Carrots make a delicious and comforting soup! Add some fennel and a bit of orange citrus and you get a zesty taste sensation! I discovered this recipe in Rebecca Katz’ The Cancer-Fighting Kitchen cookbook and made a few tweaks of my own. It is very simple but a great combination of flavors.
There are many interesting facts I’ve learned about carrots that I’d like to share with you! First of all, carrots are loaded with beta-carotene, which is then converted by the body to vitamin A. You all probably know this but not only does this vitamin promote good vision but especially night vision. One of the first signs of deficiency is dry cornea and night blindness.
Second, avoid buying “baby carrots”. These are actually not baby carrots but instead are imperfect mature carrots that have been put through a machine to cut them down to a smaller and more uniform size. Well unfortunately this greatly affects their nutritional value. The outer part of a carrot is much more nutritious than the inner core. This makes sense when you think about it because the outer layers of a plant are its first line of defense against dangers in the environment such as insects, fungus, disease, mold, UV rays. Says Jo Robinson in her book, Eating on the Wild Side, “the more phytonutrients in those outermost layers, the better it can defend itself”. By removing the outer layer, you are removing 1/3 of its protective phytonutrients. So stick with the big carrots and choose ones with the tops attached. This will show you how fresh they are. Carrots without tops can be months old. But be sure to remove the tops before storing them in the refrigerator. If they are left on, they will pull moisture from the roots and cause the carrots to wilt prematurely. And again this means less nutrients and a less sweet flavor. So I prefer to eat carrots washed and with their skin on. After learning these facts and starting to eat real, fresh carrots, it was like night and day! They are sweet, refreshing and delicious!! Do a taste test and see for yourself!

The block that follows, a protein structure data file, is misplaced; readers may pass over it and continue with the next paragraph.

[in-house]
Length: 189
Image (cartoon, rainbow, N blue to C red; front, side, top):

Thirdly, carrots are more nutritious when they are cooked, vs. raw. The cell wall of a carrot is tough and with cooking, it is broken down making some nutrients bioavailable. In addition, since beta-carotene is a fat-soluble nutrient, it needs fat for greatest absorption. So it’s best to eat carrots with some kind of oil. But don’t let this hinder you from snacking on nature’s orange beauties. You are still getting plenty of nutrition and fiber from fresh raw carrots, a much healthier alternative to processed crackers and chips.
This soup has an abundant dose of fresh, cooked carrots so enjoy!
Oh and if you’re wondering if purple carrots are healthier for you, the answer is yes! Carrots actually started out as purple but were hybridized to be orange by mixing a yellow mutant carrot from Africa with a red carrot from the Netherlands. The purple signifies the presence of the anti-oxidant phytonutrient, anthocyanins. So you’re getting an extra health boost with these purples beauties! And realize once again we are hybridizing nutrients out of our food. Take note while choosing your veggies and opt for the more colorful ones.
May you nourish and flourish!
Lila, Maryann, (2004, February). Anthocyanins and Human Health: An Invitro and Investigative Approach. Retrieved from https://www.ncbi.nlm.nih.gov/pmc/articles/PMC1082894.
Murray, M. & Pizzorno, J., (2005). The Encyclopedia of Healing Foods. New York, NY: Atria Books.
Robinson, J. (2013). Eating on the Wild Side. New York, NY: Little Brown and Company.